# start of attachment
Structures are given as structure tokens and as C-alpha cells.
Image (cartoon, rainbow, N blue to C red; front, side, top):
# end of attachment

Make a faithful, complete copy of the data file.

Structures are given as structure tokens and as C-alpha cells.
Image (cartoon, rainbow, N blue to C red; front, side, top):